Lately I have been placing my paintings in spaces. I have always been obsessed with the environmental and atmospheric surrounds in which we exist. Paintings sit on the wall, writing on the page or device, and music in between the walls. As a kid, I would compulsively change my furniture around to create a different room. Crazily enough, I still do something similar in painting and in rearranging rooms. We don’t really change that much from kidhood, do we? There are just more layers now. These layers get contained in new rooms, new paintings, new books. Here are a few examples of imagined spaces.
As you know, my Lake is my temple. Isn’t it obviously sacred?
Another interesting way of doing self-portraits (or portraits generally, for that matter) is to focus on the home space, the studio space or the work space. The idea is earth-shatteringly simple: the places we inhabit most of the time contain a part of our essence and act like mirrors that reflect the bigger question of True Identity. For example, there are two places excluding work that I inhabit and feel like they reflect back at me my own identity. These places are overflowing with the “you” : the home, including my main studio (or creative work space) and what I call the Retreat (and a 2nd less used studio hidden in the bush)
The Retreat is a hinterland block of forested acreage with an unusually designed abode that was built by a sculptor influenced by Spanish, Israeli and Moroccan architecture. It’s a place I one day hope to open up to young artists and writers to allow them a magical escape from the world we live in (and through), the world of the angry, lost, envious, egotistical, broken-hearted, shallow, unwell, cynical and misanthropic. This is the world we can all relate to and are actively part of. The world of depression, grief and loss, trauma and myriad forms of suffering. Ugliness too.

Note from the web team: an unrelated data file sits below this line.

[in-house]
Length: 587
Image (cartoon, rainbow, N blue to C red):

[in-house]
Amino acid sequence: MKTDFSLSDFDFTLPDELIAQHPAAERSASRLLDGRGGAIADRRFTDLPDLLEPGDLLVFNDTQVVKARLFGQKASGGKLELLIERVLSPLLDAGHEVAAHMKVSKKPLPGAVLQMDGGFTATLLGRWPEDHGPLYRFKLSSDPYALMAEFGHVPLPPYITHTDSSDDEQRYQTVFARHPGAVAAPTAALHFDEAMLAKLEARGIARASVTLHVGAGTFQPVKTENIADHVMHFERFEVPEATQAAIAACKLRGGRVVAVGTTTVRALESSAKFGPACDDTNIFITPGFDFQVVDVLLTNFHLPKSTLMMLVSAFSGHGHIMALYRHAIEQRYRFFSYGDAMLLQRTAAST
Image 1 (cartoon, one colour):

So as a form of portraiture and as a form of journal-keeping, you can consider certain spaces as self-reflecting. Within these spaces of architectural presence, some rooms correspond to the inner-most sense of self you can possess.
Spaces are not what the real estate agent tells you they are, or what the bank uses to estimate your net worth. These spaces are the fundamental environment of your journey through the world. It takes time to stop and see them properly though. Just as it takes time to stop and see your Self after a self-portrait or a portrait by another. The unifying element is the worthiness of stopping and seeing. And appreciating.
Having lived in the city all my life, and having experienced the archetypal cities of the world while travelling, I have found that my favourite creative space is one close to nature. I have even noticed how the work I do out of my city studio is different to that done in the Retreat House. My dream is to one day allow access to my Retreat House (under some kind of arrangement) to emerging artists. There is something in the peace and the sounds of nature especially as the sun sets or as the sun rises, that is great for the creative soul.
I wish there was more research and seriousness about the healing quality of our living and working spaces. This is a painting of mine hanging in a waiting room for psychiatrists and psychologists. The painting was meant to epitomise peace and healing: blue, ocean-floor formations that suggest rest and the Quiet.